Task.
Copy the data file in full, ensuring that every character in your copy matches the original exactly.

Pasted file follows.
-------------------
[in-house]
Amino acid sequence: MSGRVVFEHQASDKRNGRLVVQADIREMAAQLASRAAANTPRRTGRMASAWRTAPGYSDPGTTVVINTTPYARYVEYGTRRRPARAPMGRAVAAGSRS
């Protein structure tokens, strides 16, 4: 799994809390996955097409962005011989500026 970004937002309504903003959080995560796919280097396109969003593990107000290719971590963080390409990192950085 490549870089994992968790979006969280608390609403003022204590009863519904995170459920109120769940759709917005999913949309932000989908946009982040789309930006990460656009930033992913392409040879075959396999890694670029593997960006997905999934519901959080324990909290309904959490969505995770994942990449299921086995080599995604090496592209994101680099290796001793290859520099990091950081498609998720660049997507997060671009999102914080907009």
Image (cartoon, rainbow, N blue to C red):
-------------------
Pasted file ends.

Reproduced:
[in-house]
Amino acid sequence: MSGRVVFEHQASDKRNGRLVVQADIREMAAQLASRAAANTPRRTGRMASAWRTAPGYSDPGTTVVINTTPYARYVEYGTRRRPARAPMGRAVAAGSRS
């Protein structure tokens, strides 16, 4: 799994809390996955097409962005011989500026 970004937002309504903003959080995560796919280097396109969003593990107000290719971590963080390409990192950085 490549870089994992968790979006969280608390609403003022204590009863519904995170459920109120769940759709917005999913949309932000989908946009982040789309930006990460656009930033992913392409040879075959396999890694670029593997960006997905999934519901959080324990909290309904959490969505995770994942990449299921086995080599995604090496592209994101680099290796001793290859520099990091950081498609998720660049997507997060671009999102914080907009």
Image (cartoon, rainbow, N blue to C red):